Our modern societies have gradually developed an increasingly burdensome and omnipresent bureaucracy. It now manages almost every aspect of our lives and has significantly diminished our freedom of movement and action. It has such a hold and such a presence that it seems natural to many people. These are born with it and will die with it, prisoners of its regulations from one end to the other of their life. Those who break these often earn nothing other than prison or heavy fines. To find a true freedom, we will, however, have to learn how to do without it.
Even before the birth of a child, parents generally feel obliged to rely on hospital bureaucracy for ultrasounds and other tests, the results of which must then be recorded. Even if by chance, they break away from this stage, they will have to obtain the toddler’s birth certificate. Then, they will have to register him in a nursery, or in a nursery school … But before that and without the least discussion, they will have to vaccinate him to behave as good model parents and, of course, to write this in a vaccination booklet .
To transport it by car, they will have to buy a standard baby seat, install it in the back, etc., and, of course, respect all the rules of the road, which includes having a driving license in due form. If they have a dog or a cat to amuse the child, they will have to vaccinate it too, suck or tattoo it and tie him on a leash. By the time they also have to tie the toddler a day, there is not far.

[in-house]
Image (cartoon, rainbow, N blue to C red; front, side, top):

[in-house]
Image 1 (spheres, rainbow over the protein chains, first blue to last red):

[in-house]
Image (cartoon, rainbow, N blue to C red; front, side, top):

After many other registrations and administrative procedures throughout the schooling, there comes the stage of the world of jobs. It involves as much paperwork and formalities, sometimes also bedridden [in French, pun with “formalities”], when the victims of this system fall ill or burnout. You need an identity card to move freely (?) In the country, a passport to go to study or travel abroad, a building permit to build a house (or a hut if you cannot afford it), a permit to demolish to remove the shack or the previous house, a permit to uproot the trees if the one in front of the house disturbs the view or threatens to fall on the roof of the garage, a license to dig a well, etc.
At the very end of the grandfather’s life, you will have to obtain his burial permit and complete all the steps for the inheritance, even when he has lost everything at the casino. No one is supposed to ignore the law, it is said, but who knows the totality of the tens of thousands of laws, rules and regulations that manage every aspect of our lives? By dint of abandoning our individual responsibility to the government, this one took the opportunity to control us from A to Z. While we should have been mature enough to arrange with our neighbors to settle the case of hedges, stray animals , garbage disposal, etc. We preferred to delegate these matters to others, and therefore to administrations that have become increasingly complicated, cumbersome and parasitic.
Were the serfs of the medieval lords less free, but more enslaved than we are? Not sure at all! Anyway, if we want to find a freedom more and more lost in the republican swamps that have become worse than those of the previous kingdoms, we will have to take back our responsibilities. The rights and duties of a free individual can depend only on his conscience, but in no way on institutions administering them for him after having skillfully smothered the latter.
What would a world without administrations be? Well, to begin with, there would be no more notaries, bailiffs, prosecutors, tax inspectors, commissioners, and so on. Many professions in the tertiary sector would disappear. The corresponding workers could then move towards more creative and fulfilling activities. Disputes and possible conflicts between neighbors would be settled directly or through mutually sought and accepted conciliators. People would no longer rely on laws, but on common sense and conscience. What do we prefer? Continue or increase the bureaucratic hold? Or abandon it totally, even if we plunge into the unknown?